Dave Michels said it quite well: “Flex was a major theme of Signal 2019, and I anticipate it will be an even bigger theme at Signal 2020.”

Flex had 3 parts to it in the keynote:

  1. Why is Flex so great
  2. What have we done new in Flex since last time?
  3. Here’s how flexible Flex is

While the product is great from a concept point of view (and I am sure from an implementation point of view as well – never really used it myself), I think the delivery during the keynote could have been improved a bit.

1. Why is Flex so great

Here’s what Jeff said during the keynote about Flex:

“A year ago, if you’ve had told me that the legacy vendors in the space would have even heard of Flex I would have thought you were crazy. Let alone buying up all the ads around Moscone for Signal this year. I mean, isn’t that crazy? But you know what? I think they are afraid. I think they are afraid of what happens when we unleash the creative ability of millions of software developers to innovate in the contact center.”

Next, it went into positioning of Flex within the industry:

First, came the legacy vendors, who were positioned as:

  • Hard to support
  • Hard to maintain
  • Expensive
  • Hard to change

All true by the way.

Then came the turn of cloud contact centers in SaaS models, said to be 15% of the market now. These are “neither scalable nor flexible in the way we need […] not built for continuous improvement”.

Ouch.

True or not, that’s Twilio’s stance now, and it seems like they’re competing head to head with their cloud contact center customers – more verbally than last year.

For me, Flex is a great product – it shows that future enterprise products must be programmable products, ushering a new era of programmable enterprise. But that’s for some future article.

Two numbers were given for Flex:

  1. %500 growth in interactions
  2. 250 ecosystem partners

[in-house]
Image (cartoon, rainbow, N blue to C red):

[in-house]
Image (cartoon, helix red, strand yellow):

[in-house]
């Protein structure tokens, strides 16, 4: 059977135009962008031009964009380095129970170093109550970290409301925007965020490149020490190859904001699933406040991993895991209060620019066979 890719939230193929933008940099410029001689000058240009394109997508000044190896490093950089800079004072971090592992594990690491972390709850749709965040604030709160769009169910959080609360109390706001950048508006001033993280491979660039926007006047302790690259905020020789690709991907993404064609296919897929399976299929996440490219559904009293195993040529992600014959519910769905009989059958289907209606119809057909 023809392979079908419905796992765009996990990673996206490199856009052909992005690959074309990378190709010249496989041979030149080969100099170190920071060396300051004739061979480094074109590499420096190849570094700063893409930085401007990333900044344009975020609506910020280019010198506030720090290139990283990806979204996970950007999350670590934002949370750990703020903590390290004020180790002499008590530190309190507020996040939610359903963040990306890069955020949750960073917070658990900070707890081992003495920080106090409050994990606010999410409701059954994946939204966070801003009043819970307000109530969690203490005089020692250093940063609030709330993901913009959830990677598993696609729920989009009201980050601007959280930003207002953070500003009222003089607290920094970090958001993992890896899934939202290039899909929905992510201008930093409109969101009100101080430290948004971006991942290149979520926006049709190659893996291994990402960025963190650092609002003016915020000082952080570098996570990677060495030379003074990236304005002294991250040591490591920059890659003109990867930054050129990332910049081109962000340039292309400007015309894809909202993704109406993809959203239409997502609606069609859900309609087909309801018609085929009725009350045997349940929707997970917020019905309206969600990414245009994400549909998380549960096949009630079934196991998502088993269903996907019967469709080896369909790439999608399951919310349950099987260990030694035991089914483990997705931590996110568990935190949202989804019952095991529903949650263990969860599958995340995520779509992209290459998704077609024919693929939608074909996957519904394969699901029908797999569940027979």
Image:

Both are somewhat meaningless without context, and there isn’t none as this product is just too new in the market.

2. What have we done new in Flex since last time?

There’s more work and focus on customer acquisition in Flex than in other products of Twilio.

We will probably see more of that in 2020 and 2021 – the same way that Amazon Connect is now winning a lot more deals and going into a lot more deployments than we’ve seen when it launched. It takes time for these products to really get adopted and integrated.

What did get into the announcements here, probably to give it some tint of progress, were the following:

  1. Native Zendesk CTI integration. Mentioned in a full sentence throughout the whole keynote
  2. Autopilot is now GA. The thing is that Autopilot is a distinct Twilio product in its own right, and it lives as a feature in Flex. The tie-in here to Flex is to show progress of Flex more than to say anything about Autopilot. More on the Autopilot announcement here
  3. Announced Media Streams API in beta, a brand new product for Twilio. I think this should have gotten a section of its own rather than just a mention and a minute or two wrapped inside Flex

I think Flex is now in the grueling part of getting from an MVP towards a version 1.0 that Twilio can be proud of. Once there, Twilio will definitely open the back burners and start showing a lot more product specific progress in Flex itself.